Quick Supply List: Top 3 of Each Category
|Clinical Supplies||Class Must-Haves||Uniforms|
Laptop or Paper/Pen
Hair Accessories (for Ladies)
In addition to the gazillions of books that your school might require you to purchase, what else will you need for class? Depending on the type of learner you are, your supplies are going to vary, so I have broken it down into two types of class must-haves for nursing school:
1. The Digital Learner
If you are anything like me, you embrace technology and prefer to type your notes over writing them out every day. This is a quick list of your class must-haves:
- Computer: laptop or tablet (something mobile so that you can use it in class to type notes during lecture and also to type papers up)
- Word Processor: Microsoft Word, Works Word Processor, etc.
- PDF Reader/Converter: If you can't afford Adobe, download the free CutePDF Reader that will allow you to make PDF documents for free.
- E-versions of your books: if you're able to get digital versions of your nursing books, download them to your computer so there's less to carry on a daily basis. Save your back for your nursing career!
2. The Paper-and-Pen Learner
- Binders for your notes, with dividers and labels
- Plenty of paper and pens
- Folders for loose leaf papers and notes
- Highlighters to mark important information in lectures and in your books
- Notecards to study your meds, terms and definitions, etc.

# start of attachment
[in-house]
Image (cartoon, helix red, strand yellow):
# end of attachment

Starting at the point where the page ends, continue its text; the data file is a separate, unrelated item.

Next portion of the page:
Now that you know what kind of supplies you'll need for clinicals and for class, let's talk about what kind of uniform must-haves you'll need. Depending on what your school requires, you'll most likely need scrubs or business casual type clothing. Go with what your school says for those requirements.
Here are the uniform must-have accessories:
1. Good-quality pair of nursing shoes
You're going to be doing a lot of work on your feet, especially at clinicals so get yourself a good quality pair of nursing shoes. Make sure they are comfortable and provide for a lot of support.
2. Scrub jacket
Unless your school has requirements on this, get yourself a clean and professional-looking scrub jacket. Sometimes the hospitals are freezing cold... even your school might be cold and so you'll want to stay warm and look professional, too!
3. Hair Accessories (for the ladies)
I got tired of doing my hair in a plain ponytail every day, so I figured I'd get a little fancy with my hair. Most hospitals and schools do not want the ladies wearing anything too showy in their hair (i.e., huge hair bows or flowers); however, doing your hair in a cute and classy bun is acceptable and mixes it up from the normal ponytail hell we get stuck in. You can find bun clips, ties, and nets at local pharmacies and convenience stores for fairly cheap. Also try a french twist clip to really look classy and professional!
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This content is accurate and true to the best of the author’s knowledge and does not substitute for diagnosis, prognosis, treatment, prescription, and/or dietary advice from a licensed health professional. Drugs, supplements, and natural remedies may have dangerous side effects. If pregnant or nursing, consult with a qualified provider on an individual basis. Seek immediate help if you are experiencing a medical emergency.
© 2013 Kitty Fields
Rose Clearfield from Milwaukee, Wisconsin on December 22, 2013:
This is such a comprehensive resource! You have covered everything. What a wonderful resource for aspiring nurses.
Kitty Fields (author) from Summerland on December 16, 2013:
FlourishAnyway - I bet she does! Thanks for reading!
FlourishAnyway from USA on December 16, 2013:
Nice description for all those aspiring nurses and nurses in training. My sister is a women's health nurse practitioner and absolutely loves her career.